Building Backbone Plugins: Eliminate The Boilerplate In Backbone.js Apps (2014)

PART 4: APPLICATION INFRASTRUCTURE

Chapter 16: Application Workflow

It is unfortunately common to have very poorly defined and constructed workflow in JavaScript and Backbone applications. A significant amount of time is spent creating new and re-usable View and Model types, and plugins and add-ons for them. But, this critical area of application workflow is typically overlooked. Rather than modeling workflow explicitly, applications tend to have the workflow scattered through other objects within an application. When one the application needs to move from one view to the next, the first view will call the second view directly. This path leads toward a mess of tightly coupled concerns, and a brittle and fragile system that is dependent entirely on the implementation details. Worse yet, to understand the higher level workflow and concept, the implementation details must be examined. This makes it very hard to understand the workflow, as the detail of each part tends to hide the high level flow.

A Poorly Constructed Workflow

For example, you might have a human resources application that allows you to add a new employee and select a manager for the employee. After entering a name and email address, we would show the form to select the manager. When the user clicks save, we create the employee. A crude, but all too common implementation of this workflow might look something like this:

 1 EmployeeInfoForm = Backbone.View.extend({

 2   events: {

 3     "click .next": "nextClicked"

 4   },

 5 

 6   nextClicked: function(e){

 7     e.preventDefault();

 8 

 9     var data = {

10       name: this.$(".name").val(),

11       email: this.$(".email").val()

12     };

13 

14     var employee = new Employee(data);

15 

16     this.selectManager(employee);

17   },

18 

19   selectManager: function(employee){

20     var view = new SelectManagerForm({

21       model: employee

22     });

23     view.render();

24     $(".wizard").show(view.el);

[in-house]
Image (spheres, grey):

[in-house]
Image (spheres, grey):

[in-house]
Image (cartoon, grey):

25   },

26 

27   // ...

28   render: function(){ ... }

29   // ... etc

30 });

31 

32 SelectManagerForm = Backbone.View.extend({

33   events: {

34     "click .save": "saveClicked"

35   },

36 

37   saveClicked: function(e){

38     e.preventDefault();

39 

40     var managerId = this.$(".manager").val();

41     this.model.set({managerId: managerId});

42 

43     this.model.save();

44     // do something to close the wizard and move on 

45   },

46 

47   // ...

48   render: function() { ... }

49   // ... etc

50 });

Can you quickly and easily describe the workflow in this example? If you can, it’s likely because you spent time looking at the implementation details of both views in order to see what’s going on and why.

Too Many Concerns

There are at least two different concerns mixed in to each of the objects in the above code. And those concerns have been split apart in some rather un-natural ways at that.

The first concern is the high level workflow:

·        Enter employee info

·        Select manager

·        Create employee

The second concern is the implementation detail of each view, which includes (in aggregate):

·        Show the EmployeeInfoForm

·        Allow the user to enter a name and email address

·        When “next” is clicked, gather the name and email address of the employee.

·        Then show the SelectManagerForm with a list of possible managers to select from.

·        When “save” is clicked, grab the selected manager

·        Then take all of the employee information and create a new employee record on the server